The Jagdish Temple – one of the largest, oldest and most famous temples in Udaipur – was built in 1652 in Indo-Aryan architectural style by Maharana Jagat Singh, who ruled Udaipur from 1628 to 1653. The temple is dedicated to Lord Vishnu (Laxmi Narayan), the preserver of the Universe. An idol of Lord Jagannath, a form of Lord Vishnu made in black stone is deified in the sanctum. Not many know that temple was originally known as temple of Jagannath Rai (now known as Jagdish Ji).
The local folklore goes around that Maharana Jagat Singh had deep devotion in Lord Jaganath Puri of Orissa. He used to visit Jagan Nath temple in Puri for the annual rath yatra – a festival of processions. At one occasion he could not reached at the rath yatra on time due to a halt in the midst of his journey. Disappointed with himself, when he reached there, he had a dream in which the Lord told him that there was no need for him to travel such long distance and that he could make a temple in his city itself. After returning to Udaipur , he started the construction of the temple, which is known to cost around 1.5 million rupees at that time.
The gateway of this temple can be sited at a hundred meters from the ‘Bara Pol’ or the main entrance to the City Palace. The Jagdish Temple is located just in the middle of the grand City Palace and The famous Gangaur Ghat at Lake Pichola. The crowded busy intersection of narrow roads where this place is now famously called as Jagdish Chowk and a typical ‘ask for direction’ will tend to start for description from this place.
Reached by a steep, elephant-flanked flight of steps, the splendid architecture of the temple boasts of a pyramidal spire, mandap (prayer hall) and a porch. The first and the second storey of the temple possess 50 pillars each. The intricate carvings on the pillars need an enduring sight to praise the noteworthy beauty of this temple. This temple was built keeping in the mind the Hindu architectural science of ‘Vastushstra’.The wonderfully carved main structure enshrines a black stone image of Vishnu as Jagannath.The intricate carvings on Jagdish temple makes one drop their jaws in awe of the skilled workmanship.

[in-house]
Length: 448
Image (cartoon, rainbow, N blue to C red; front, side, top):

The main shrine is centrally located encircled by four smaller shrines. These shrines are dedicated to Lord Ganesha, Sun God, Goddess Shakti and Lord Shiva respectively. There’s also a brass image of the Garuda (Vishnu’s man-bird vehicle) in a shrine facing the main structure.
The temple walls and spire (also known as shikhar) had also been carved with sculptures of dancers, elephants, horsemen and musicians. There are also carvings of Vishnu, scenes from Lord Krishna’s life and figurines. Unfortunately a lot of these carvings, specifically that of elephants, horses and warriors (horsemen) were disfigured (not because of wear and tear) deliberately by Mughal invaders a long time ago when they took control of this part of the city briefly. These invaders were angry at their losses from the various battles around the city and thus took out their anger by vandalising and defacing these carvings. As per one of the Firmans, original edicts in Persian issued by Aurangzeb, preserved at the Bikaner Museum, Rajasthan – “Ruhullah Khan and Ekkataz Khan went to demolish the great temple in front of the Rana’s palace, which was one of the rarest buildings of the age and the chief cause of the destruction of life and property of the despised worshippers. Twenty machator Rajputs were sitting in the temple vowed to give up their lives; first one of them came out to fight, killed some and was then himself slain, then came out another and so on until every one of the twenty perished, after killing a large number of the imperialists including the trusted slave, Ikhlas. The temple was found empty. The hewers broke the images“.
The busy temple is also known to be the local diety and has great importance for Hindu’s. On any day you can see local and tourist flocking to this oldest and largest temples of Udaipur. A row of flower sellers set up makeshift flower stalls along the temple walls and sell offerings of marigolds for the visiting worshippers.
The prayer ceremony or ‘aarti’ here takes place every hour and is a sight to behold, the most sought after being the first aarti in the morning and the late evening ones – an experience that will leave the sounds of ‘Om Jai Jagdish hare‘ lingering in your mind and memory for a long time